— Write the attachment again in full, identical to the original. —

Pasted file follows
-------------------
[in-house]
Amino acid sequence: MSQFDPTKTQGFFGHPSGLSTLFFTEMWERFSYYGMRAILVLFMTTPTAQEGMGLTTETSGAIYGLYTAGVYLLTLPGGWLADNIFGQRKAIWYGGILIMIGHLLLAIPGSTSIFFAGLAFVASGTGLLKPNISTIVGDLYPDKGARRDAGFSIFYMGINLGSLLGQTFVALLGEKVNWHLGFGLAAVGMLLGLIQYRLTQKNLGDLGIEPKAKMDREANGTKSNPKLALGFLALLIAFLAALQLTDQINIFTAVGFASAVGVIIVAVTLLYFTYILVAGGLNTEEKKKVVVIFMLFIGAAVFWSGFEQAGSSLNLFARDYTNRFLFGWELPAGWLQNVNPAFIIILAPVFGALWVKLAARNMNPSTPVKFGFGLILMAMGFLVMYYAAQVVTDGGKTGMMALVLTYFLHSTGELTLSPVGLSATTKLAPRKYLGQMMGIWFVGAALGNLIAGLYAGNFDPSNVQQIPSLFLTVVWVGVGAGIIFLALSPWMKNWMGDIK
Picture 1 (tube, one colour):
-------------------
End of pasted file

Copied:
[in-house]
Amino acid sequence: MSQFDPTKTQGFFGHPSGLSTLFFTEMWERFSYYGMRAILVLFMTTPTAQEGMGLTTETSGAIYGLYTAGVYLLTLPGGWLADNIFGQRKAIWYGGILIMIGHLLLAIPGSTSIFFAGLAFVASGTGLLKPNISTIVGDLYPDKGARRDAGFSIFYMGINLGSLLGQTFVALLGEKVNWHLGFGLAAVGMLLGLIQYRLTQKNLGDLGIEPKAKMDREANGTKSNPKLALGFLALLIAFLAALQLTDQINIFTAVGFASAVGVIIVAVTLLYFTYILVAGGLNTEEKKKVVVIFMLFIGAAVFWSGFEQAGSSLNLFARDYTNRFLFGWELPAGWLQNVNPAFIIILAPVFGALWVKLAARNMNPSTPVKFGFGLILMAMGFLVMYYAAQVVTDGGKTGMMALVLTYFLHSTGELTLSPVGLSATTKLAPRKYLGQMMGIWFVGAALGNLIAGLYAGNFDPSNVQQIPSLFLTVVWVGVGAGIIFLALSPWMKNWMGDIK
Picture 1 (tube, one colour):